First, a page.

AMOUR, the multinational but basically French film, won the Oscar for Best Foreign Film of 2012. It was nominated for four other Oscars, including Best Film and for Best Actress (Emmanuelle Riva). As most viewers have noted, she probably should have won, certainly over a 22 year old neophyte whose career is just beginning (Jennifer Lawrence in SILVER LININGS PLAYBOOK).
AMOUR was directed by Michael Haneke, who also gave us two rigidly disciplined studies in paranoia and fear in THE WHITE RIBBON, 2009, and CACHE, 2005. He has been praised and vilified for his obsessively cool distance from his subject matter, and AMOUR falls into this stylistic point of view. First, AMOUR is a difficult film to watch. It deals bluntly with end of life decisions that few people want to face. Some critics have even said it endorses euthanasia.
Two aging but seemingly healthy music teachers are seen at a concert by one of her star pupils. They seem very much in love, laughing on the way home, touching each other. The next morning at breakfast, Anne stops speaking and looks off into space for several minutes; her husband Georges tries to see if it is a prank, but she has no memory of the incident. Before long we realize she has had a stroke. Surgery has left her paralyzed on her right side and confined to a wheel chair. As her condition worsens, she makes Georges promise he will never take her back to the hospital. And so begins his loving but exhausting time as her caretaker. Played skillfully by famed French actor Jean-Louis Tintrignant, who starred in one of the great films of the 20th century THE CONFORMIST, 1970), Georges is a loving husband but also a stubborn intellectual who seems to doubt that anyone can help him as care giver, including his middle-aged daughter. He becomes obsessive about her care without realizing what it is doing to him mentally and emotionally. Watching Anne and Georges interact as she suffers a second stroke is painful and reminds us that the dying process is not as quick and easy as tv and movies often depict it.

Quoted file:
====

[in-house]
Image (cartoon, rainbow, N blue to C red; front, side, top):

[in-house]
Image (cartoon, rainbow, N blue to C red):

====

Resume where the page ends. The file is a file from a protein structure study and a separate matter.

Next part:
I couldn't help thinking of one of my favorite Bette Davis movies, DARK VICTORY (1939), in which she plays Judith Traherne, a headstrong socialite who discovers she is dying from brain disease. Through the process of accepting her fate, she has become a better person and has married her doctor.
In the last scenes of the movie, she and her companion have already sent her husband off to a medical conference, and they are planting in their garden. Judith feels a chill and comments how dark it's getting. The warning that she would quickly go blind is fulfilled. She says goodbye to her friend, the servants, the dogs and then goes into her room where she lies down. All of this to the beautiful music of Max Steiner and celestial voices while the image from her point of view blurs into nothing. Well, that's the way they handled death in 1939, and in American movies it hasn't changed that much.
AMOUR doesn't have a musical score, except for piano performances, mostly on cds. Some scenes are painfully long, as if to remind us how much longer it takes to do the simplest tasks when aging. Georges' love for his wife and his resistance to help lead to disturbing decisions, which the director shows in stark, harrowing detail. AMOUR is a film that asks vital questions of us all and one that should be seen, no matter how afraid we are of those questions and answers.